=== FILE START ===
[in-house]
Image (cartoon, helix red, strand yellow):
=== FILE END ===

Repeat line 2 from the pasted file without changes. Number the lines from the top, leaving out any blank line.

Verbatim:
Image (cartoon, helix red, strand yellow):